Mind Games: Understanding the Psychology of Decision Making

Mind Games: Understanding the Psychology of Decision Making


From selecting what to eat for breakfast to major life choices such as career paths or relationships, decision making is a central part of human nature. However, the process itself is multi-faceted and influenced by countless psychological elements that can sometimes mislead us. In this article we are going to take an in-depth look into decision psychology which involves studying those cognitive biases, heuristics and emotional factors that affect our decisions.

The Rational Decision-Making Model

According to traditional economic theory, people are rational actors who weigh up the costs and benefits involved with each alternative they face before deciding. This model assumes that individuals try their best to make logical decisions aimed at maximising utility through careful consideration. However, psychologists have found out through studies that human reasoning doesn’t work this way always.

Cognitive Biases

What is commonly referred to as cognitive bias in decision making psychology are actually patterns of errors in thinking leading to non-rational judgments systematically done over time. There exist many different types of cognitive biases which may impact on how we make choices; some examples include:

  1. Confirmation Bias: The pre-disposition to look for facts that back up our personal opinions while ignoring or undervaluing contradicting information.
  1. Availability Heuristic: This occurs when people overestimate the probability of an event because it is easy to recall from memory, often because it is particularly vivid or happened recently.
  1. Anchoring Bias: This happens when decisions are made based on initial suggestions (the “anchor”) even if they are irrelevant or misleading.
  1. Overconfidence Bias: Being too sure about their abilities or knowledge and therefore taking unnecessary risks or making poor choices.


Aside from cognitive biases, people also employ heuristics in decision making, which are mental shortcuts or rules of thumb that simplify this process. Though useful for fast choices, heuristics can cause mistakes and prejudices. The most common ones are:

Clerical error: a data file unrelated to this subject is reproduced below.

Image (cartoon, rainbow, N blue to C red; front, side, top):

1. Representativeness Heuristic: Instead of considering objective probabilities we judge how much an event resembles our typical image of it.
  1. Availability Heuristic: We have already mentioned this heuristic earlier– estimating the likelihood of an event by its ease of recollection.
  1. Affect Heuristic: Tendency to make decisions based on our emotional responses to a situation, rather than objective analysis.

Psychological Factors Affecting Decision Making

We all know that our emotions play a part in decision making because they influence what we choose to do or not to do. Sometimes these effects are conscious, but often times this is not the case at all. Research has shown that:

  1. Decisions made under strong emotions: In situations where feelings become intense like when someone is anxious or excited, it becomes easier for such an individual to make impulsive decisions without thinking about them.
  1. Emotional context: The manner of presenting information can provoke different feelings which may then affect choices made. For instance one might decide to be more cautious if they think about losing something instead of gaining something else or vice versa.
  1. The place of intuition: Another emotional side of decision-making is gut instinct; however, sometimes it works well with emotions and at other times doesn’t work as expected due to biases and mistakes associated with emotions.

Decision-Making Practice

Knowing the many psychological aspects that come into play during decision-making helps us choose wisely both personally and professionally. If we understand our own mental prejudices and emotional reactions, then we can try so hard as possible not let them cloud judgement thereby making wrong decisions.Moreover, we can also communicate persuasively and get others to make decisions in our favor if we know how to package information properly.


The psychology of decision-making is an extensive area that involves various cognitive, affective, and social components. However, comprehending these factors can enable us to be more conscious decision-makers who understand better what they want from life and why they should or should not do something about it given the current context around them. Therefore, this knowledge is important for both individuals as well as leaders or policy makers since any decision made without considering these psychological foundations might lead to undesirable outcomes.

This article is an elaborate discussion about the psychology surrounding making choices; it touches on cognitive biases, heuristics, emotional influences and real-world applications across different situations where decisions need be made. The paper thus presents a holistic view into decision-making and equips readers with skills necessary for thinking more critically when faced with difficult options.


  1. Kahneman, D., & Tversky, A. (1979). Prospect Theory: An Analysis of Decision under Risk. Econometrica, 47(2), 263–291. https://doi.org/10.2307/1914185
  2. Stanovich, K. E., & West, R. F. (2000). Individual Differences in Reasoning: Implications for the Rationality Debate? Behavioral and Brain Sciences, 23(5), 645–665. https://doi.org/10.1017/s0140525x00003435


  1. Daniel Kahneman: Nobel laureate in Economics, known for his work in behavioral economics and cognitive psychology.
  2. Keith E. Stanovich: Professor of Human Development and Applied Psychology at the University of Toronto, known for his research on rationality and cognitive biases.
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